Chronic bronchitis 4.3** 3.6 4.2** 3.5 
 Stomach or duodenal ulcer 3.6 3.5 3.3 3.4 
 Thyroid problems 0.7 5.8** 0.7 5.7** 
 Malignant neoplasms 1.2 1.2 1.2 1.2 
 Myocardial infarction 1.4** 0.6 1.4** 0.6 
 Stroke 0.7 0.7 0.7 0.7 
Mean number (SD) 1.7 (2.1) 2.9**(2.8) 1.5 (2) 2.6**(2.7) 
General health indicators     
 Poor general self-rated health 27.0 38.8**   
 Chronic limitation of activity 19.3 25.7**   

Source: Spanish National Health Survey. 2006.

a: Prevalent, having had the disorder in the last 12 months; diagnosed, having had the disorder in the last 12 months and having had it diagnosed by a physician at any time.

b: Conditions are ordered by prevalence in the whole study population.

**Pearson's chi-square P < 0.001.

The contribution of chronic conditions to gender inequalities in general health

Figure 1 describes the distribution of the number of chronic conditions, with more men than women reporting no condition (37 vs. 22%) or one condition (23 vs. 17%) and more women reporting three or more (46 vs. 25%). Furthermore, it shows the proportion of men and women reporting poor health or chronic limitation for each category of the number of conditions. It is quite evident that in this case, women did not report poorer health than men with the same number of conditions; on the contrary, men appeared to report poorer health and more chronic limitations than women with the same number of conditions, especially from three conditions on.

Figure 1

Prevalence of poor health and activity limitation by sex and number of prevalent chronic conditions. Population aged 16 years or more. Source: Spanish National Health Survey, 2006

Figure 1

Prevalence of poor health and activity limitation by sex and number of prevalent chronic conditions. Population aged 16 years or more. Source: Spanish National Health Survey, 2006

Table 2 shows the same phenomenon in terms of multivariate analysis. Adjusted only by age, women reported significantly poorer health (PR = 1.36, 95% CI = 1.29–1.41) and more activity limitation (PR = 1.24, 1.18–1.32). Once further adjusted by the number of conditions, there were no differences between women and men in the likelihood to report poor self-rated health (PR adjusted by age and number of prevalent conditions = 1.00, 0.96–1.04), while women had a lower risk of reporting activity limitation compared with men (PR adjusted by age and number of prevalent conditions = 0.90, 0.85–0.96).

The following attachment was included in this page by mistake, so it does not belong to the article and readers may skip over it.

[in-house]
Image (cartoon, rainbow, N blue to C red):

Table 2

Association between sex and general health indicators, adjusted sequentially for age, number of diagnosed and prevalent chronic conditions, and single chronic conditions. Population aged 16 years or more

 Poor self-rated health
 
Activity limitation
 
PR (Women vs. Men) Change (%) PR (Women vs. Men) Change (%) 
Adjusting by age and … 1.36**  1.24**  
    Number of chronic conditions (diagnosed) 1.04 89 0.93* 130 
    Number of chronic conditions (prevalent) 1.00 99 0.90** 139 
    Single chronic conditionsa     
        Arthrosis, arthritis or rheumatism 1.18** 48 1.08* 66 
        Depression, anxiety or other mental disorders 1.20** 45 1.08* 66 
        Chronic neck pain 1.20** 44 1.10* 58 
        Migraine or frequent headaches 1.25** 31 1.14** 43 
        Chronic back pain 1.25** 30 1.14** 42 
        Varicose veins in the legs 1.27** 25 1.15** 39 
        Osteoporosis 1.29** 18 1.16** 35 
        Anaemia 1.30** 16 1.18** 26 
        Chronic constipation 1.30** 15 1.19** 22 
    Groups of conditions     
        Musculoskeletal disordersb 1.10** 71 1.00 102 
        Mental disordersc 1.15** 58 1.02 91 
 Poor self-rated health
 
Activity limitation
 
PR (Women vs. Men) Change (%) PR (Women vs. Men) Change (%) 
Adjusting by age and … 1.36**  1.24**  
    Number of chronic conditions (diagnosed) 1.04 89 0.93* 130 
    Number of chronic conditions (prevalent) 1.00 99 0.90** 139 
    Single chronic conditionsa     
        Arthrosis, arthritis or rheumatism 1.18** 48 1.08* 66 
        Depression, anxiety or other mental disorders 1.20** 45 1.08* 66 
        Chronic neck pain 1.20** 44 1.10* 58 
        Migraine or frequent headaches 1.25** 31 1.14** 43 
        Chronic back pain 1.25** 30 1.14** 42 
        Varicose veins in the legs 1.27** 25 1.15** 39 
        Osteoporosis 1.29** 18 1.16** 35 
        Anaemia 1.30** 16 1.18** 26 
        Chronic constipation 1.30** 15 1.19** 22 
    Groups of conditions     
        Musculoskeletal disordersb 1.10** 71 1.00 102 
        Mental disordersc 1.15** 58 1.02 91 

Source: Spanish National Health Survey. 2006.

PR: Prevalence ratio calculated by means of robust Poisson regression.

Change (%): Percent reduction in the strength of association between the variable sex and the health indicator, compared with age-adjusted model only.